Use array of pointers to dereference the data needed by Catalyst

@Andy_Bauer @utkarsh.ayachit @mwestphal @Francois_Mazen @nicolas.vuaille or anyone experienced in using catalyst, please help me out.

I wanted to use Catalyst for in-situ visualization in a C astrophysical hydrodynamics code called PLUTO. I have been able to successfully use catalyst by modifying the CFullExample code provided with minimal changes in the original source code of PLUTO.

The CFullExample simulation code uses a grid and field data that is structured in such a way that is compatible with Catalyst (vtk). Unfortunately, PLUTO simulation grid and field data arrangement is not natively compatible with Catalyst. Therefore, I had to copy the grid data and the field data to the compatible structures as given in the Example code. These structures are:

typedef struct Grid
{
  uint64_t NumberOfPoints;
  uint64_t NumberOfCells;
  double* Points;
  int64_t* Cells;
} Grid;

typedef struct Attributes
{
  // A structure for generating and storing point and cell fields.
  // Velocity is stored at the points and pressure is stored
  // for the cells.
  double* Velocity;
  float* Pressure;
  Grid* GridPtr;
} Attributes;

Therefore, each time there is a update of grid or field data, I had to copy the data from PLUTO simulation and update the members of these data structures. Then I’m able to get the correct results when using the code provided in CatalystAdaptor.h.

For example, the following line in CatalystAdaptor.h assumes that the (point) data, which is already structured in vtk compatible format, is present at the memory location of the pointer to the array grid->Points. As a result, I had to create a vtk compatible grid->Points array which is properly structured by copying data from native PLUTO arrays.

Copying every time from PLUTO arrays before Catalyst accesses the data makes the code slow and also creates redundant memory footprint containing the same data.

conduit_node_set_path_external_float64_ptr_detailed(mesh, "coordsets/coords/values/x",
    /*data=*/grid->Points, /*num_elements=*/grid->NumberOfPoints, /*offset=*/0,
    /*stride=*/3 * sizeof(double), /*element_bytes=*/sizeof(double),
    /*endianness=*/CONDUIT_ENDIANNESS_DEFAULT_ID);

The way out I think would be to make every element of grid->Points array (similarly other grid/field data) to not contain values but pointers to memory addresses of the required values from the original native PLUTO arrays. This eliminates the need for copying during every update (as the simulation already updates them). However, this requires rather than direct reading of data at the location of grid->Points, dereferencing the addresses contained by every element in grid->Points.

This is where I’m stuck because using the functions in CatalystAdaptor.h doesn’t seem to do this job.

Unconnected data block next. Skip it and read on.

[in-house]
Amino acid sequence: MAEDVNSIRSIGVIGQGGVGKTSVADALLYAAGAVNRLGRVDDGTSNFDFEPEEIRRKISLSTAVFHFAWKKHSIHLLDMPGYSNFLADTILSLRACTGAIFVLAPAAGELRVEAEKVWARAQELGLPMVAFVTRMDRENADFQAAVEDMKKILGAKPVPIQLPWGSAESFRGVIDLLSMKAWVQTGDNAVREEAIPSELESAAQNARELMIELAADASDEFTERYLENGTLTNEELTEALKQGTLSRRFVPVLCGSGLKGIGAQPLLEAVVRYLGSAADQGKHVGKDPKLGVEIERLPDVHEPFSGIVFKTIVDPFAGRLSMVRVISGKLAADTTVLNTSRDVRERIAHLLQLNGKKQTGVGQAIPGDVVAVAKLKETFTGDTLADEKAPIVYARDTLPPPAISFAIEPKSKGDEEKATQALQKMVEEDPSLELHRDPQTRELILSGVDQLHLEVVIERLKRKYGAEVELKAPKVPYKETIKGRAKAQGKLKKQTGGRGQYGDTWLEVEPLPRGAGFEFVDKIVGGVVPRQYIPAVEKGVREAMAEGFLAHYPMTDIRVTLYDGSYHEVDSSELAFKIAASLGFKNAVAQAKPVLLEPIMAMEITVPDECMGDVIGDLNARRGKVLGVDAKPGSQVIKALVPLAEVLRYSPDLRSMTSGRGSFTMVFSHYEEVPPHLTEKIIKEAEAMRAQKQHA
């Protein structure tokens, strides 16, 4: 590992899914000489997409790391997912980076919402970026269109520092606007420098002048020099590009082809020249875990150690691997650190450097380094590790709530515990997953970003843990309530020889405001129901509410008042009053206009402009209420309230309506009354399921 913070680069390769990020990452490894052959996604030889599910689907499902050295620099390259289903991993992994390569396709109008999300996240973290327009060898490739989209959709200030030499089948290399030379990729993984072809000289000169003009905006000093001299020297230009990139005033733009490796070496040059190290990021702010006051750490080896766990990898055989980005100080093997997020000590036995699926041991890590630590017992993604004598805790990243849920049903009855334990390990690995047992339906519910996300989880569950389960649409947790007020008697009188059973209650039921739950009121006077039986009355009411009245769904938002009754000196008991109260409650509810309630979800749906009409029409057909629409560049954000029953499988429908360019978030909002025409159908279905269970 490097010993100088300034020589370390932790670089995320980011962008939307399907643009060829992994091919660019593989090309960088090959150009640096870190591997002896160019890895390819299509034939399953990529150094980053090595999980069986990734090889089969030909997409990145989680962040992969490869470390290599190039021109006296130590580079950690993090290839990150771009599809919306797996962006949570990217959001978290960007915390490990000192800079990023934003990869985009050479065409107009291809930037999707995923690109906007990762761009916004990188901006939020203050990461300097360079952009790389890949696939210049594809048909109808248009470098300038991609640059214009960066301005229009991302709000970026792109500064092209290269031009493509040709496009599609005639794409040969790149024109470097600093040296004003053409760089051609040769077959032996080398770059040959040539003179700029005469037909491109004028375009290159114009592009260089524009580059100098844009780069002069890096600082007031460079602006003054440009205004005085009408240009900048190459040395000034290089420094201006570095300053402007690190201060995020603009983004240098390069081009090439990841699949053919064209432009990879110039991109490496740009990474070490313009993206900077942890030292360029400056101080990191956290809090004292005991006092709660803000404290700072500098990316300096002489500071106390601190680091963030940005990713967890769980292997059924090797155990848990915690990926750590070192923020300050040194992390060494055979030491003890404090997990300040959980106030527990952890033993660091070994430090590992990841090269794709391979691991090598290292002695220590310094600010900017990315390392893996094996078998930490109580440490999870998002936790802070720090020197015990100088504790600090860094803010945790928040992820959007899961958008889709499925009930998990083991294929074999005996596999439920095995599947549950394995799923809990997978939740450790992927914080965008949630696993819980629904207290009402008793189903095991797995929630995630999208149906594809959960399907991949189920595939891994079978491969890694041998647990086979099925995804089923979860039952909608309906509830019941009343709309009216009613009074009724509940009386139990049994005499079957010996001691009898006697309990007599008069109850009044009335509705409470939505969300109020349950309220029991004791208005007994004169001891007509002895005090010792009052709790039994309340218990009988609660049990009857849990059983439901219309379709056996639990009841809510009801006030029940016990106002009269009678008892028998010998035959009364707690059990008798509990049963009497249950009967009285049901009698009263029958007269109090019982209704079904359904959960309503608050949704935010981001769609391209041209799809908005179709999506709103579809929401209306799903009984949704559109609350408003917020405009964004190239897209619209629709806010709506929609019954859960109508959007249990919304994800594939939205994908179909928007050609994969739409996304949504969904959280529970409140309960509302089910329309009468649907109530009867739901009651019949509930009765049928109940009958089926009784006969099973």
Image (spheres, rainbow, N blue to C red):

Please help. I’m new to Catalyst.

This animation is made with png dumps from a run of the PLUTO code. The code uses Catalyst to create slices of blastwave formation in real time. The current implementation copies data from native PLUTO arrays to vtk compatible array structures which makes the code slow with redundant memory footprint.

Hello @dutta-alankar

This is great to see Catalyst usage in astrophysical hydrodynamics!

Could you please describe the data arrangement in PLUTO, in order to find a suitable way to avoid data copy with conduit?

The conduit set_external_xxx methods are the correct ways to avoid data copy, by using the offset and stride parameters accordingly. You can look at the conduit documentation here: Data Ownership — Conduit 0.8.3 documentation

Best,

François

This is perhaps possible by using offset and strides different from that provided in CFullExample. Can you please help me with that?

PLUTO has a struct called Grid which stores grid properties and another struct called Data which stores field properties. All the data are cell values (I have put these PLUTO structs at the end).

In PLUTO, the data is arranged in z-y-x format (x is fastest changing) while in CFullExample as far as I can understand from the code is in x-y-z format (z is fastest changing).

Since for each cell, I know the left and the right edges created by PLUTO, I was able to create the point data needed by Catalyst. Then I used the grouping of point indices provided from CFullExample code to create the Cells. I’m providing the relevant sections of this code.

Info:

  • Number of cells: NX1 times NX2 times NX3 along x, y, z respectively.
  • IDIR is x-direction JDIR is y and KDIR is z
  • For x-direction, local domain (excluding ghost cells) in each processor starts from index IBEG with respect to the entire global array and ends at IEND (similar for other directions).
  • For grids, Catalyst compatible struct is cgrid while native PLUTO struct is just grid
  • IDOM_LOOP is a macro in PLUTO defined as,
    #define IDOM_LOOP(i) for ((i) = IBEG; (i) <= IEND; (i)++)
    Similar macros exist for other directions.

Point data is assigned to a Catalyst compatible structure called cgrid (most of it is taken from CFullExample) from PLUTO cell data

unsigned int numPoints[3] = {NX1+1, NX2+1, NX3+1};
for (i = IBEG-1; i <= IEND; i++)
  {
    for (j = JBEG-1; j <= JEND; j++)
    {
      for (k = KBEG-1; k <= KEND; k++)
      {
        cgrid->Points[counter] = grid->xr[IDIR][i];
        cgrid->Points[counter + 1] = grid->xr[JDIR][j];
        cgrid->Points[counter + 2] = grid->xr[KDIR][k];
        counter += 3;
      }
    }
  }
  cgrid->NumberOfPoints = numPoints[0] * numPoints[1] * numPoints[2];

Field data which is Catalyst compatible with strides and offset identical to CFullExample is assigned in the following way:

  cattributes->VelocityX    = (double*)malloc(sizeof(double) * numCells);
  cattributes->VelocityY    = (double*)malloc(sizeof(double) * numCells);
  cattributes->VelocityZ    = (double*)malloc(sizeof(double) * numCells);
  cattributes->Pressure     = (double*)malloc(sizeof(double) * numCells);
  cattributes->Density      = (double*)malloc(sizeof(double) * numCells);
    
  unsigned int i, j, k;
  int counter = 0;
  IDOM_LOOP(i)
  {
    JDOM_LOOP(j)
    {
      KDOM_LOOP(k)
      {
        cattributes->VelocityX[counter]   = d->Vc[VX1][k][j][i];